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Shutter Island / ***½ (R)Posted Monday, March 1, 2010, at 8:54 PM
Leonardo DiCaprio is revealing the secrets of "Shutter Island".
I've never referred to the production photos I use in my posts before, but I want you to look at the face of Leonardo DiCaprio in this picture. Look at his eyes; at the bubbling tension beneath his skin, at the naked energy he is putting out there in this photo. This is not your average modern actor. DiCaprio is more like the acting legends of American cinema from before the time the French New Wave affected the attitudes of all American actors into some thing more natural and understated. DiCaprio is more like a young Marlon Brando, a brash James Stewart, or a raw Henry Fonda. He is a classic film star.
This makes him perfect for Martin Scorsese's new thriller "Shutter Island", a classic thriller if Hollywood ever saw one. It's a shame he didn't choose to shoot this in the black and white of its 1954 setting. From the first dramatic chords of the soundtrack--not a traditional score, but rather found tracks compiled by a longtime friend of Scorsese, Robbie Robertson of The Band fame--you know that this will not be your typical quick cut, jump and shock thriller. The overblown chords of Krzysztof Penderecki's "Symphony #3" evoke the thundering scores of the late Bernard Herrmann and make it clear that nothing is as it seems in this story.
DiCaprio plays Federal Marshall Teddy Daniels, assigned to a hospital prison for the criminally insane, Boston's Shutter Island Ashecliffe Hospital, to apprehend an escaped patient who "evaporated straight through the walls." His attentive new partner Chuck Aule is well handled by Mark Ruffalo ("The Brothers Bloom"). As would be expected in any thriller, the hospital's head of psychiatry, Dr. Cawley (Ben Kingsley, "The Wackness"), is less than forthcoming with some important information concerning the patient's escape and the hospital's practices. The chief of medicine, Dr. Naehring (Max Von Sydow, "Minority Report"), offers ominous suggestions as an aging man of German descent, the perfect age for a Nazi that might have used Jews for medical experimentation.
It isn't long before the marshals and the audience begin to think the two men will never leave the island. To reveal any more of the film's plot would be a crime against it. However, one of my few problems with the movie is that its ending is fairly inevitable. But even if you've seen enough plots set inside an insane asylum to know where it's going, it's the film's luscious journey to get there that makes it enjoyable.
Scorsese's production is luscious to say the least. The island setting is just the type of improbable trap setting that fueled many classic Hollywood thrillers. He explores every inch of this island, never limiting his locations by its setting. There are the lavish rooms of the hospital's administrative facilities, the cold institution of the main hospital, the dungeons of the old civil war fort that houses the most dangerous inmates, the island's many abandoned structures, the old hospital cemetery, the treacherous cliffs out of some sort of Hitchcockian crisis of conscience story, and the secretive lighthouse. Scorsese combines the gothic with both the institution of the hospital and the nature of the island wonderfully. Much of the film takes place during a nor'easter that is much more satisfactorily depicted than the stage-confined hurricane sequence of his "Cape Fear" remake.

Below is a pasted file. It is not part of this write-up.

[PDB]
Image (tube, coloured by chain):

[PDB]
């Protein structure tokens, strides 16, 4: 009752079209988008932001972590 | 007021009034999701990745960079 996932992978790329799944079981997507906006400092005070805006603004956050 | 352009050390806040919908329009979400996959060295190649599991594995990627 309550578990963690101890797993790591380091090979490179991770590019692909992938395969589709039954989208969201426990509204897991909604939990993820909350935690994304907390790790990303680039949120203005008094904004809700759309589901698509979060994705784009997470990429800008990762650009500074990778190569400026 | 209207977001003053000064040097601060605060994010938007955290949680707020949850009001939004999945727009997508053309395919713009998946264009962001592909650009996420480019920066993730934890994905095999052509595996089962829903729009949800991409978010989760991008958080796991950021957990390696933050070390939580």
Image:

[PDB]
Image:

Perhaps the most vivid sequences of the movie are Daniels's dreams/flashbacks. He dreams and flashes on memories from two moments in his life. He remembers being part of the liberation of the concentration camp in Dachau. These play like typical movie flashbacks. The setting is gloomy and dark; the images are slow in order to depict every detail. There are frightening images he keeps returning to, including the blood of a German officer who botched a suicide and the bodies of a mother and daughter frozen in the cold German winter.
His dreams are focused on his wife Dolores (Michelle Williams, "Brokeback Mountain"), who died in a tragic accident a couple years earlier. These dreams are rich with color; the suggestion of a happier life Daniels will never have the chance to know. The dreams are also shrouded in the task he must fulfill on the island. Despite his struggle to hold onto the life he never lived with his wife, the madness and darkness of Shutter Island pushes its way in, and the dreams begin to speak to him and guide him in his investigation. But what do his memories of the war and of his wife have to do with what is happening at the hospital? Is Dolores really speaking to Teddy from the afterlife?
In the final moments of "Shutter Island" Daniels poses a question, "Which would be worse, to live as a monster, or die a good man?" Perhaps Scorsese is using Daniels to speak for the cinema of thrillers in general. So many of today's suspense and horror directors are more interested in the monster, the shock, the gore. Gone are the truly cinematic aspects of the thriller such as atmosphere, character, and pacing. "Shutter Island" is Scorsese's tribute to the classic thriller; and like the classic thriller, it is not the end result of the thrill that Scorsese is interested in embarking on with his audience, but the journey to get there.
"Shutter Island" is now playing at Galaxy Cinema in Sedalia.
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Andrew is a professionally trained actor and stage director. He was a reporter for the daily newspaper The Marshall Democrat News. He has been critiquing film since Mr. Lucas released the first of his "Star Wars" prequels in 1999. His reviews can also be seen at his blog site.
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